Internal environments usually consist of scheduling issues; i.e. if the construction process was poorly scheduled. Additionally, it may comprise of certain financial problems or changed orders. Exogenous factors largely consist of external elements such poor weather or government laws and regulations. Inputs factors that may lead to delays in construction are largely related to the issue of manpower shortage. (Sweis, 2008)
In other words, delays may either be non excusable or excusable. For instance, when a delay is caused by labour disputes, unusual deliveries, and transportation deals that had not been foreseen or other causes that could not be predicted, then the affected party can consider forgiving the offending party. However, in other instances, then delays cannot be excused by the offending party. For example, when delays occurred during ordinary weather or when the subcontractor failed to meet his/her end of the bargain. It is also inexcusable to delay a construction if the project site was poorly coordinated. This may also be a problem when the contractor fails to finance the project properly or when there was poor workmanship, delays in material acquisition among others things. When a delay is caused by any of the latter factors, then it is likely that that person found guilty of the offense will be liable to pay damages. (Fewings & Jones, 2005)
The first aspect that is involved in dealing with the disputes is mitigation of its effect. It is likely that the construction process may still be underway. Consequently, the affected parties have to look for ways in which they can minimise the distractions that would lead to further delay or that would cause ultimate project failure. (Kamara, 2002)
The next thing that needs to be done is to determine the root cause of the problem. One must be able to determine whether the causes of these delays are actually excusable or not. This is usually done by conducting a detailed evaluation and analysis of the construction site, the contractors, the subcontractor, workers, materials and all other interests groups required to make the project complete. It is usually plausible to break down all the disputes involved in the process little by little. This is because certain events may have caused different delays. Additionally, to effectively solve disputes, it is necessary to assess the overall liability involved and the actual damage caused to the affected party.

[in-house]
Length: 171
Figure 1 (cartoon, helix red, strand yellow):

Thereafter, the two parties in the construction process are usually required to take part in a settlement agreement. This will require legal consultants who will be able to voice the concerns of each of the affected parties. At that time, it may be also be necessary to consider the legal representatives for each party as there is a whole team involved in the dispute resolution mechanisms. The assembly of this team may usually be necessary in mediation cases rather than in settlement arrangements. (Iyer, Chaphalkar & Joshi, 2008)
However, in the event that a dispute is quite severe or when the affected parties have failed to reach a compromise, then these two parties will be required to take their case to court. This usually occurs when the dispute has resulted in litigation in the part of the affected party. Usually, judges will listen to their respective cases and then come up with possible explanations about what could have caused